Before the pandemic surge, the mid-Atlantic and New England regions had excellent outcomes, with lower-than-expected death rates, Nguyen’s team noted.
That changed during the pandemic surge: Instead, there was a significant increase for fatal outcomes for all adult heart procedures studied, and that was especially true for people undergoing a bypass operation, the study found.
The data didn’t offer insight into the reasons for the increased deaths, but many surgeons say they’re currently limited to operating on only the most urgent coronary bypass cases and patients who tend to be sicker to begin with, perhaps skewing the results.
That means that “less sick” heart patients may be avoiding surgery — and they shouldn’t, said Dr. Robbin Cohen, from the Keck School of Medicine at the University of Southern California. He wasn’t involved in the study.
“These numbers should not serve as a deterrent to patients seeking care for chest pain or other cardiac symptoms,” Cohen said in the release. “If anything, they are a warning to get into the system as soon as possible.”
Hartman agreed. He said that many patients who avoided needed heart surgery in 2020 may have died at home.
For example, Hartman said, “during the pinnacle of the surge in New York City, April 7, 2020, EMS data revealed the at-home sudden death rate had skyrocketed to numbers never before seen.”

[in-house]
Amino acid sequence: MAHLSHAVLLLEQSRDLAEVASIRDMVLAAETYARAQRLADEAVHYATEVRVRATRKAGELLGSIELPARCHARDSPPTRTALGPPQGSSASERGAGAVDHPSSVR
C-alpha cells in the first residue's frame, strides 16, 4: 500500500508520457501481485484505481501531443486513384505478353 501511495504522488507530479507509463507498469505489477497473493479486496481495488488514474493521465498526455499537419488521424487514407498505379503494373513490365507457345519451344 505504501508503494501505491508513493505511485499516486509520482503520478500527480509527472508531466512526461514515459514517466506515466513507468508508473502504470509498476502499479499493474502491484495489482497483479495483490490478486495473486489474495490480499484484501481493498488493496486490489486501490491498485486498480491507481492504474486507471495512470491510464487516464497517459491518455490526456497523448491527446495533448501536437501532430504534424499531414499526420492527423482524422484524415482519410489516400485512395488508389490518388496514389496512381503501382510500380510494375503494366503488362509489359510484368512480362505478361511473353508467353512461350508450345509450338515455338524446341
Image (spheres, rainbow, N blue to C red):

Hartman’s advice: “Patients that are experiencing symptoms that may be cardiac-related, or those with known cardiac disease, should proceed with addressing these [symptoms] and not delay or procrastinate. Most hospitals are safe havens, where all patients and all staff are routinely screened and tested for COVID disease and, if found, cared for in units that are separated from the other units, including cardiac surgical areas.”
The U.S. National Heart, Lung, and Blood Institute has more on heart surgery.
SOURCES: Alan Hartman, MD, chairman and senior vice president, cardiovascular and thoracic surgery, Northwell Health, Manhasset, N.Y.; Society of Thoracic Surgeons, news release, Jan. 30, 2021
View original article here Source